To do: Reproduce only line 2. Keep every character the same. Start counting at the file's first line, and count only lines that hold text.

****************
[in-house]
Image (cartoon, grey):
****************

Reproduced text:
Image (cartoon, grey):